Another day, another oddly fascist prom proclamation.
Delone Catholic High School in McSherrystown, Pennsylvania, recently decreed that any student purchasing a ticket for the prom has to have their dress pre-approved by faculty to make sure it doesn't elicit any renegade panting from fellow prom-goers and/or God's wrath.
While the formal "pre-approval" process is decidedly new, Principal Maureen Thiec insists that the guiding principles—nothing too short, tight, or "revealing"—have been in place for decades.
Of course everybody's damn nose is out of joint; more than 200 dresses had already been purchased prior to the school's announcement in early March, and many of them have been outright rejected for things like too much heaving cleavage and/or nude lining, a particularly low-blow. "It's a shame because the girls can't wear what's really going right now, it's the latest craze," says Simone Hostetter, local boutique dress shop owner.
Meanwhile, the administration has taken to the 'ol Facebook publicly stating their "responsibility to ensure that Catholic values and moral integrity permeate every facet of the school's life and activity."
Of course, parents and alumni alike have come out in droves to largely support the school's decision, insisting that young girls shouldn't "go out dressed like a prostitute." Others believe this is the school's attempt at picking up where parents have dropped the ball:
"Why should this even be an issue? Parents, help your daughters make choices that protect their respect and self-worth, and explain to them WHY it is so important that they respect themselves. The fact that Delone even has to send out a notice about dress attire choices shows that some parents are choosing not to do their job." —Katrina Cannon Boucher
But the McSherrystown community is having none of that. More than 250 people (including parents who have shelled out hundreds of dollars on way-too-slutty party dresses) have signed a petition to ban the "antiquated and unreasonable restrictions" on prom-wear.
To be perfectly honest, I have to add my 4 cents here. I will say that young girls dressing in a provocative manner is confusing—my brain often likens it to beauty pageants where toddlers take on the aesthetic trappings of a Vegas performer. They don heels, wigs, sky-high shoes, and even bikinis—and I think that kind of over-sexualization of a child can be very damaging.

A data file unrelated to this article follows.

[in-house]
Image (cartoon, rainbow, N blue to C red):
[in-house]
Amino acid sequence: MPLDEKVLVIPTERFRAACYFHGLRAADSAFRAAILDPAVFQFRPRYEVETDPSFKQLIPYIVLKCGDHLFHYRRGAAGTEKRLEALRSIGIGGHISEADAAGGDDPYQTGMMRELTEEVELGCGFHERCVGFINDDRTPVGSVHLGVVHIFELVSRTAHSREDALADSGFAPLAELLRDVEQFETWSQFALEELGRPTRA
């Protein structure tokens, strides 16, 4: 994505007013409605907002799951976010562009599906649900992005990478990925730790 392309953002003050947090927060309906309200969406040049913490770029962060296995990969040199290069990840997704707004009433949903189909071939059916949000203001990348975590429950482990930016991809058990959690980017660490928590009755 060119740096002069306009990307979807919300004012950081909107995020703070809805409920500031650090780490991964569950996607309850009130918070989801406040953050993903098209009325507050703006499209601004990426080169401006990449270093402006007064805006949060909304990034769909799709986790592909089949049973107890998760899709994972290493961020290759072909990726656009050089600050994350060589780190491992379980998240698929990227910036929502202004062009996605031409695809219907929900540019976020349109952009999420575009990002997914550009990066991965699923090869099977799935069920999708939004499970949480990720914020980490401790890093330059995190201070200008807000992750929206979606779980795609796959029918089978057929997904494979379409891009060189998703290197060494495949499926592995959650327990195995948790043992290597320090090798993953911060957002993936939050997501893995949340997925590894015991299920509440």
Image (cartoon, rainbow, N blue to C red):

While seniors in high schools are certainly not children—in fact a whole host of them might be 18 and officially adults—I recently came across photographs of my own little cousin's going-out-wear for a dance and double-dog-dang, was it revealing; breasts, booties, sky-high shoes, full-make-up. It was on like Donkey Kong. There's no denying that she and her pals looked stunning, but there was something decidedly disconcerting about the pairing of that much flesh with faces so young. Dolled-up faces and bodies belie how little teens actually understand about sexuality.
Anyway. I guess what I'm saying is, it's no shock to me that a Catholic institution has come down like a sack of hammers on some of these frocks—but it is sexist bullshit all the same.
(Oh, and did we mention this little declaration also insists that the togs be "gender-specific?" That, to me, is perhaps the most troubling and egregious element of Delone's policies . . . although, again, we're talking about Catholics and last time I checked, even Pope Francis isn't so progressive to start—gasp!—encouraging boys to rock tutus and girls to don power-bitch-suits.)